There are some basic rules which appear common to all the expressed views, over consumption is not good, nor is refined sugar, overly refined flour or any food that has been
highly processed.

Furthermore, habitual snacking between meals is not good and we should aim to have our last meal of the day two to three hours before sleeping and try to make sure that the time between the last and first meal of the day is over eight hours. There are increasing numbers of experts promoting the idea of time restricted eating, with some suggesting we aim to eat our three meals in a day within as little as an eight hour time window. Personally, I find this hard on a daily basis and find my own eating window works best (based on how I feel) at between ten and twelve hours. At the weekend on one or sometimes two days I can extend the “fast” to as much as sixteen or seventeen hours by eating only twice, mainly as a result of a larger and usually later family lunch. This is by no means a weekly event, but I try.

Nutrition and hydration are non-negotiables for life, avoiding junk and eating as much fresh food as we can contributes to better energy. The more energy we have the greater the motivation for exercise and we also tend to improve the last of the four items, sleep.

Sleep – Forty years ago we came to believe sleep was a hinderance to life getting in the way of productivity. Today we know better, indeed ironically given the view of the 1980’s & 90’s, the more sleep we get the more productive we can be. High performing athletes get a lot of rest and so should the rest of us.

Sleeping between 7 -9 hours a night is better for our health overall. The quality of our sleep is also important, and this can be challenging at times. Certainly, at times I have found a good night’s sleep a challenge, there are some simple things we can do to help.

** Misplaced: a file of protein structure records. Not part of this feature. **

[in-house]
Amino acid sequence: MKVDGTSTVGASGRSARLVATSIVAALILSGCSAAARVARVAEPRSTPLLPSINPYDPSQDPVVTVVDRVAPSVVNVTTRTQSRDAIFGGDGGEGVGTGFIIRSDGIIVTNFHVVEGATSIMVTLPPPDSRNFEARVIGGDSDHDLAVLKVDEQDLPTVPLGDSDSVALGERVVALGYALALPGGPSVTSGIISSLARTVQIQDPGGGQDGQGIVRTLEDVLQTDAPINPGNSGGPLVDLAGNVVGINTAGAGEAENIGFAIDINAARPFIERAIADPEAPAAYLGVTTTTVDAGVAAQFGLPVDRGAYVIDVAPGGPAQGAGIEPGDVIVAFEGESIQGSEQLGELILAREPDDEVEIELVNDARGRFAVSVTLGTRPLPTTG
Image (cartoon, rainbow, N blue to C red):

Avoid eating to close to bedtime. Don’t watch TV in bed or right before bed, don’t check emails and or the news, or anything else that might cause your mind to whir just before bed.

Keep your bedroom as cool as possible, make sure your bedroom is also as dark as possible, if needs be use eye covers ( I do) and if noise is a problem try earplugs.

I have also found not using an alarm clock beneficial, a habit that began courtesy of the Covid lockdowns. I still need to set an alarm on occasion but I have found that provided I get to bed early enough ( by 9.30pm) then I do not need an alarm to be up at the right time of day and if I sleep longer I am less pressured to get on with my day than had I gone to bed at say 11pm.

Over the years I have found most authors, experts and proponents of exercise, diet and sleep to be fairly prescriptive in their views, and for a while I struggled to make sense of either the contradictions or my struggles to maintain a particular regime.

A few brave souls have put their heads above the parapet publicly to suggest that there is no one size fits all approach and that we should experiment to seek what works best for us.

One such resource is the podcast Feel Better Live More by Dr. Rangan Chatterjee.

As mentioned above that whilst experts have differing views about diet and exercise in particular, all agree that a sound diet, exercise and good sleep are essential for better health.

If we add the right mindset following good habits is easier, so keep taking the MEDS.